Monday, September 22, 2014

The Poopmobile

****Author's note**** 

The following story is from my latest book Scrunchie-Fried and tells the story of my family car, the Poopmobile, and the fun we had in it. I hope you enjoy it.


 Growing up in southern Ohio during the 70s and 80s was a lot of fun. We lived on a small farm in rural Ohio about forty miles from Cincinnati in Adams County. I lived midway between two towns, Winchester and Cherry Fork, where about the only exciting thing happening was chasing the neighbor's cows when they got out or riding my Shetland pony, Silver, which was not for the faint of heart. That pony could buck anyone off (except Dad), usually in a matter of seconds.

In 1978, after several discussions, Mom and Dad decided it was time to purchase a new car.  There were only two choices to pick from and that was a Ford or a Chevy. My parents decided on a Ford and that's how we became the proud owners of a new, silver Ford LTD.  Mom would be driving the car to work and it also became the family car. The one early memory of the car that I have is that the payment was going to be $206 a month.  Back in the day, that was a huge amount, and mom had it taken out of her credit union so they wouldn't have to face the daunting task of writing a check for that amount every month.

By the time of my sophomore year when it was time to get my driver's license it had become obvious that I wasn't going to have my own car. Dad had lost his job at the pants factory in Manchester where he was a pattern marker for the Hercules Trouser Company and was unemployed.  Mom was still holding onto her job as a supervisor at the Robertshaw Controls Company in Hillsboro but every product line she managed seemed to get shipped off to a foreign country, namely Haiti. Jobs were hard to come by and money was tight. The idea of a 16-year-old girl finding a job and making enough money to purchase a car seemed totally out of reach at the time, so the LTD would have to do. It would become my ride and ferry me and my friends up one side of the street and down the other.  After all, it was 1983, and cruising was the name of the game.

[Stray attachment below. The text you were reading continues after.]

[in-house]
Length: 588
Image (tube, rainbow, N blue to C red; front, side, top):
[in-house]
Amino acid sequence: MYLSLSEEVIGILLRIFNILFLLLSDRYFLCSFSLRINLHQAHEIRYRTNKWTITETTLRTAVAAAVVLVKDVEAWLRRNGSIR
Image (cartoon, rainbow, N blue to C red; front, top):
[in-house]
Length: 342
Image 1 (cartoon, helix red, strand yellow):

The LTD was a large car, not quite the land yacht of the day like a Caddy or Lincoln Continental, but large enough to hold the starting five on the boy's basketball team and my friend, Barbie and me. Barbara Thomas Downing, named after her father, Tom, was two years younger than me, lived about a half mile or an easy bike ride away and had the only paved driveway with a basketball hoop in the area.  We went to church together but didn't really start hanging out until she reached high school.  That fall, we started riding to basketball practice together, and before too long, became fast friends.

My house was at the top of a hill and surrounded by trees. Parking was outside, on the gravel driveway or in the yard; we never had a garage.  Come to think of it, the only people that had a garage were Barbie and her family; no wonder everyone always hung out there.  One side effect of living in a rural area surrounded by trees is birds.  Birds were everywhere. And for some reason, all of those birds were attracted to my mom's silver LTD. 

I don't know if it was because of the color or maybe the birds could see their reflection or thought it was another bird. I'm not sure, but for whatever reason, the birds pooped, messed, pooped some more and even splattered on the windows at a breath-taking pace.  The LTD, or Poopmobile, as it was to become known as was more decorated than any city statue of a long forgotten war hero and was certainly as well covered as the Plaza Piazza in Venice, Italy.